You appear to be calling for a strong authoritarian government. As I have already pointed out, however, Marcos and Sukarno (to say nothing of various leaders that risk invoking Godwin) have demonstrated pretty thoroughly that authoritarianism is bad.

Another point which needs mentioning is that the United States is not a democracy. Unalloyed democracy is little better than mob rule. Any successful system must combine acquiescience to the will of the majority with protection for the right of the minority to dissent be successful.

If there was a straightforward solution to the problem of extremely poor nations, it would have already been applied. The fact that extremely poor nations still exist proves that there is no easy and generally acceptable solution (if for no other reason than that the solution requires disempowering a lot of petty dictators).

puddleglum wrote:

Well, that’s a good paraphrase of what coup leaders usually say to justify their actions. (See steps 3, 4, and 5 of my previous post.)

Respect for property rights is all well and good, but too frequently, respect for property rights is given priority over respect for individual human rights and needs. (A situation which tends to lead, in its turn, to Communist insurgencies.)

Worship property rights while ignoring the starving poor, and pay the obvious consequences.

See, this is why pure, unbridled capitalism does not work. Capitalism must be regulated, it must be leavened with some socialistic elements, or it tends to collapse.

Neither pure socialism nor pure capitalism is the solution.

puddleglum: You are apparently quite ill-informed about India. India is doing an excellent job of developing and retaining technical talent. While it is true that many Indians do come to the United States to work, many more either come to the United States to train and subsequently return to India, or study in India’s own schools. Indian technical infrastructure has grown dramatically in recent years, and while they have a long way to go to catch up to the industrialized West, they are not sitting on their hands by any means.

What you describe sounds more like Mexico than India.

Uh, I think what Puddleglum meant by the rule of law is constitutional, liberal rule rather than rule by fiat. After all, a non-liberal democracy could vote to shut down the free press, write bills of attainder, etc.

More important than how a “leader” gets into power is what restrictions there are in that exercise of power. If the elected head of state is, in practice, allowed to violate the theoretical constitution of the nation then democracy isn’t much help.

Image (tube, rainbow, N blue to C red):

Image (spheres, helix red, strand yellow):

However, that’s not an argument for suspending democracy, just an observation that democracy alone isn’t that helpful. I tend to see democracy as an outgrowth of civil society…that democracy tends to occur when the middle class is so powerful and wealthy that their interests can no longer be ignored.

I’m not very hopeful that democracy will solve a country’s problems. However, if they already HAVE democracy getting rid of democracy can only hurt. I would guess that a non-democratic country with a strong civil society and a strong tradition of the rule of law would be in a better position than a democratic country with weak civil society. But both are better off than an autocratic country with a weak civil society. At least the democratic country has a chance of building civil society, while every autocracy knows that civil society is their natural enemy.

Sure, we get some enlightened autocrats whose work makes autocracy obsolete. But those are rare, your typical autocrat entrenches autocracy. Democracy isn’t so much a system of picking good leaders as it is a method of getting rid of bad ones.

The OP could be describing any election in Latin America-of course, many were fixed, and many people voted for certain candidates on pain of death.

I’m with you there sailor.

I agree, although I think in this case it’s bad presentation. It strikes me that it’s State which is driving the policy change, but it’s being badly sold. The referendum isn’t going to happen, so let’s find a way to move the ball forward.

To be fair I don’t think its a matter of a blind eye, its a matter of leverage, influence. The issue is fairly marginal --the land itself is marginal-- and in some respects the UN and EU have put substantial effort into trying to broker a solution. And James Baker did yoeman work in trying to get a solution, which both sides have pissed away.

Of course part of the problem now is the Bush Administration has managed to create --entirely unnecessarily-- a massive image problem such that even tactical changes to support a reasonably moral goal (trying to get a solution to improve lives) looks like either clumsiness or amoral idiocy. Bad salesmanship, bad diplomacy, possibly bad policy to boot.

True. Spanish decolonization at the time, like the Portuguese withdrawals at about the same time, was shamefully poorly done and scandalously screwed the poor bastards who they had colonized and been ripping off one more time.

And until around 1995, I would have largely agreed Polisario was a better deal than Morocco if only because Hassan II (and his interior minister Driss Basri, who in person is almost charming) was one mean, nasty bastard. But starting around say1995-1997 Hassan realized his absolute autocracy, while it has succeeded in preventing Morocco from become Algeria (which has some value on has to admit) had run its course. Since then they’ve been taking slow, but real steps to a true civil society.

These things don’t emerge overnight, but I for one am impressed with the changes I have seen from the late 1980s to the present. Real change. But many real problems and real threat of backsliding.

Not a pretty neighborhood sadly enough, but still, look to Algeria to see how bad it can get.

ARRRRRRGH: Mods please delete prior post!

I meant to paste this:
I’ve given this subject a lot of thought. Ever since the day I heard an old man in the sahel dismiss democracy as ‘hand-waving politics’.